But this time was different. This time the Republicans decided that something was more important than uniting to help our struggling citizens and strengthening our country. They would ignore their absolute ethical obligation to help repair the economic disaster their policies had created.  The radical right Republicans had such a hunger for power that our suffering people and endangered country did not matter.

Tossing aside this critical tradition seemed of no importance to many members of this party. They were deeply shocked that the majority of American people would ever vote to elect a black man with a foreign sounding name President of the United States. Disbelief was followed quickly by fury. It was totally unacceptable to them that a black family should occupy the White House. So President Obama must fail no matter the cost to our country. These racists were new Republicans, refugees from the segregationist Democrats of my childhood.

At this critical moment, I expected Republican leaders would come forward to help these new members overcome their historic intolerance. Instead, the leaders of the Republican party fell silent, and then fell in line. There would be no leaders in the party to bring these new outliers of the party back to reality.

These words are painful for me to write of the party I have always supported. But the intense efforts of Congress to defeat every action of the President, no matter the extent of the suffering of so many of our fellow citizens, are well documented. They opposed measures they had always supported, great ideas that came from an earlier version of their own party. All Lincoln Republicans must face reality.

Now we are facing the most critical election of my lifetime.  The Republicans are running on one issue, that the President has failed.  They bleat endlessly about the failure of the President’s policies, policies that they made sure would never be enacted. They tell us little about what they would do if the voters fall for this line. They recognize that if voters knew what they planned, they would lose the election. So all we know is that they will cut taxes on the rich, free the powerful from regulations, and increase spending for defense. This was the platform they ran on in 1980 and enacted when they gained power. These were the years when our national debt began to get out of hand.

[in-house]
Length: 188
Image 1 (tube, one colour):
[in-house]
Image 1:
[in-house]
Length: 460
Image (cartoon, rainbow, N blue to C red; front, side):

These ideas didn’t work any better in the first decade of this new century. Republicans enacted tax cuts, reduced regulations, increased military spending as they promised. But they turned a budget surplus into a huge deficit, and vastly increased the national debt in the process. And worst of all, their policies produced our terrible financial crisis. Now they are trying to win on the notion that this time their principles will produce millions of jobs and prosperity for all.

These are the actions of a Party not fit to lead in good times, never mind ones that are so dangerous.  These people truly believe that government is the enemy, so shrinking its ability to act on our behalf is a good thing. They want to ruin the government that the efforts of millions of Americans over many centuries have created.

In the last two years since the radical Republicans gained control of the House of Representatives, we have gotten a clear picture of what our future would be like if they win control in Washington in November. By violating all the norms of good governing, they have frozen government in place. They have discovered that a gridlocked government is almost as useful as one they actually run. Compromise is the life-blood of a democracy. Yet, the radical right Republicans view compromise as an unproductive weakness. No government can function when either party believes this extreme idea.

This election, voters must reunite to send a clear message to this new radical party, “We reject you and your ruinous plans. We need a functioning government that will act for the middle class, not one that serves only the rich and powerful.”

To achieve this, we must vote in historic numbers, and we must vote to remove these Republicans from office. The next election may be too late.